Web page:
On the issue of Roma women, Mr. Walek said that the current Government considered Roma integration as one of its main priorities in the area of human rights protection and education and employment were two areas on which they would focus in the next couple of years. The Czech Republic was currently chairing the Decade of Roma inclusion, an international initiative of twelve European countries. The main goal of the Decade was to eradicate poverty, social exclusion and discrimination against the Roma. The status of Roma woman was a priority and involved two aspects: a focus on the active role of Roma women in the integration process and a focus on the individual emancipation of Roma women through education, training, and participation in the labour market. The Czech Republic also intended to prepare a manual regarding the participation of Roma women in the integration process and the State would hold an international conference focusing on the situation of Roma women.

Mr. Walek said that human trafficking was a very important issue and he provided some updates for the Committee. The Ministry of the Interior prepared an annual National Strategy to Combat Trafficking in Human Beings. The Interdepartmental Coordinating Commission had already published its annual Report on Trafficking in Human Beings in 2009 and among proposed measures for 2010 were recommendations to strengthen the information exchange by bodies participating in the criminal proceedings or improvement of data collection. The Government was aware of the seriousness of trafficking in human beings and had declared its commitment to combat it in its Policy Statement.

On the issue of education, Mr. Walek said that the Ministry of Education, Youth and Sports continued to fulfil its annual plan of activities including strengthening equal opportunities of women and men, comprising gender equality dimensions in curricula, textbooks and methodology materials for all grades in school. The Ministry also intended to work towards the reduction of gender segregation in the educational system, the reduction of stereotyped choices in occupations, and balancing the rate of women earning science degrees. The Council for Equal Opportunities of Women and Men had recently discussed the low representation of women in the sciences, especially in leading positions, and the Government wanted to address this matter in forthcoming months.

Turning to employment and labour issues, Mr. Walek said that one of the most important preconditions for the full emancipation of women was economic independence. At present, the level of employment of women between 20 and 64 was 61.4 per cent. Recently, within the framework of European Union policies, the Czech Republic had set a target to increase the participation of women in the labour market and to achieve a 65 per cent employment rate of women within ten years. A potential solution to increasing the employment rate of women was to encourage women to return to work after maternity leave and older women.

Mr. Walek also wanted to address the issue of involuntary and uninformed sterilization of women, since the Committee had raised numerous questions on the matter. The Czech Government had already expressed its regret for individual errors of sterilization of women and it had taken a series of systemic steps to prevent the occurrence of involuntary sterilization in the future. The Ministry of Health had also checked that healthcare providers comply with the rules regarding informed consent. The Ministry of Health had also made an ethics course obligatory for all medical, dentistry and pharmacy students, had undertaken measures to promote better communication between doctors and patients with an emphasis on the rights of the patient, and had prepared a “Patient Guide” throughout the country to inform clients and potential patients, among which Roma women were the main target group, on their rights and options in the area of health.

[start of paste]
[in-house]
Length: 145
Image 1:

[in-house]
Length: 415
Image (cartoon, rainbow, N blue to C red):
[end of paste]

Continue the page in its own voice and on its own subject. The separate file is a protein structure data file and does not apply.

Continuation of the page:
Mr. Walek concluded by saying that the successful enforcement of gender equality was a barometer of a general level of development in a particular society. In the last five years, the Czech Republic had moved forward in promoting the principle of gender equality and significant improvements had been achieved in two areas: in the anti-discrimination legislation and its enforcement and in combating domestic violence. In both areas, new structures had been created which could effectively provide assistance to women in need. Mr. Walek underscored that this progress could not have been achieved without the initiative and involvement of civil society, especially women’s non-governmental organizations. Their role in promoting the emancipation of women was indispensible and the State would continue to work on introducing new ways of more effective cooperation between the governmental and non-governmental sectors in the future.

Questions by Experts

Among questions and issues raised by Committee Experts, the delegation was asked whether the Convention was invoked in legal proceedings or whether it was superseded by domestic laws. How did the State ensure that people were aware of the broader protection of laws provided for under the Convention? Not many cases on gender discrimination had been filed in the courts, according to the periodic report, with financial costs posing a barrier to access to justice. Could the delegation please provide information on what legal aid was available to women?